Seasickness

September 29, 2023

Author: Sophie Strock

09-29 sophie

Susanna keeping me companying after getting sick. Thankful for all my friends that have helped me the past couple of days!

Ship's Log

Date: September 29th, 2023
Time: 1700
Location: 17°40.502’ S   178°50.358’ E
Weather: Winds coming from the southeast, calm seas, 23° Celsius, and Altocumulus clouds. 
Bula!
My name is Sophie Strock, I am from Barnstable, Massachusetts and I am currently a junior at Eckerd College studying marine biology. After leaving Nadi, Fiji and sailing for the past few days we have anchored at Levuka, Fiji. Our first days at sea have been very challenging but also extremely rewarding. From dealing with seasickness, to setting the sails, we have been constantly learning about ourselves and the world around us. It has been refreshing to be disconnected from the outside world and to be forced into the present moment. One of my favorite moments so far was watching the sunset, while flying fish passed to the left of us, and having the full moon rise through the clouds. Today was also very special for me because we got to jump off the boat since we are anchored! This is the bluest and clearest water I have ever seen. Swimming in the ocean has always been important for my mental well-being, so this afternoon I feel very refreshed mentally and physically (that was also my first shower).

 

As I mentioned before, there is also some challenging parts to sailing such as seasickness. If you know me personally, you would find it ironic that that I have to topic of seasickness to write about (I’m a big yacker). Also, if you didn’t notice, we skipped our blog post yesterday because I was too seasick to write this. Sorry, but not sorry, to all the readers. Anyway, seasickness is the result of your eyes and inner ears perceiving different environments, so it causes the brain to release stress-related hormones that can lead to nausea, vomiting, and vertigo. Thankfully we have a lot of medicine on board that can help prevent and stop this from happening. However, our first night at sea we encountered twelve foot waves and thirty knot winds, so the medicine did not work for quite a few of us. It was definitely a bonding moment as five of us stood hunched over the side of the railing throwing up our past dinner. Someone, who I shall not name, did not make it to the side of the boat and threw up all along us. That was probably the first and only time I smiled that night. It was a struggle to get back to my bed, but once you are asleep it becomes much easier to deal with the seasickness. Sleeping also helps your inner ear balance to the motion of the waves. After the first couple of days, we all began to feel better with the help of medicine, calmer conditions, and patience.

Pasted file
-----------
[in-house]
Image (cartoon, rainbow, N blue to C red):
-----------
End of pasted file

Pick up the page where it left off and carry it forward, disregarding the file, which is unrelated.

Missing Mom, Dad, Ruby, and the rest of the Strock Family! Everyone please enjoy the fall New England weather for me! For my friends in sunshine state, keep having so much fun in my honor! Love you all!

 

-Soph
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